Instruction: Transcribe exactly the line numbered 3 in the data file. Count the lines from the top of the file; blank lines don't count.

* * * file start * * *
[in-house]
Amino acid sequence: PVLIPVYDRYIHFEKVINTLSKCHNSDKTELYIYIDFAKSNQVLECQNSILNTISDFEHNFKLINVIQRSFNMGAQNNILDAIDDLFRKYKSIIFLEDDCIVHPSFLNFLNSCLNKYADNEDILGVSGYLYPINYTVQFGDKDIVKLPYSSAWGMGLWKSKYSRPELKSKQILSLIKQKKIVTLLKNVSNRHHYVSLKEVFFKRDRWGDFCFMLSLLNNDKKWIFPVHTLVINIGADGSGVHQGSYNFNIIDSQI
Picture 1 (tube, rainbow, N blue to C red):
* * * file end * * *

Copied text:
Picture 1 (tube, rainbow, N blue to C red):